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The science behind breastfeeding–how it works?

Expert’s answer:

As your baby grows and develops in your womb, your body is preparing to become a mother.

From very early in the first trimester your breasts are going through changes on the inside. With the help from some amazing breast stem cells and your pregnancy hormones, normal breast tissue will change to milk producing cells. Some women experience this as breast tingling or tenderness in the first few week of pregnancy.

From around 20-25 week your breasts will be producing colostrum (the first milk). This colostrum is called liquid gold by midwive’s and doctors because of its gold colour and its amazing qualities. The colostrum contains incredibly high levels of infection fighting cells which help to protect your newborn during the first weeks and months. Colostrum and breastmilk has been proven to be lifesaving for premature babies.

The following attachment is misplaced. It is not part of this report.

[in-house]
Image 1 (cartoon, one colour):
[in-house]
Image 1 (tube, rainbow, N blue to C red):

The birth of your baby triggers the release of milk producing hormones. Skin-to-skin contact (where baby placed on your chest straight after birth) and your baby suckling at the breast send signals to the brain that milk is needed. Your body will then start to produce milk for your baby on demand.

From the first day you will produce colostrum for you baby, then your mature milk will come in around day 3-4. Mature milk is whiter in colour and thinner than colostrums.

Often your breasts can feels very full when the mature milk comes in first. Feeding your baby on demand in the early days will ensure you have all the milk your baby needs and helps to prevent the breasts from feeling very full.

Because your breastmilk is unique and is produced to meet demand you produce enough milk to feed your baby. If you have twins or more, your body will adapt and make enough milk to feed them.

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